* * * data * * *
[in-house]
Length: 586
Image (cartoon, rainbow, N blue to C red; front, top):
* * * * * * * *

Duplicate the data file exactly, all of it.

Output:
[in-house]
Length: 586
Image (cartoon, rainbow, N blue to C red; front, top):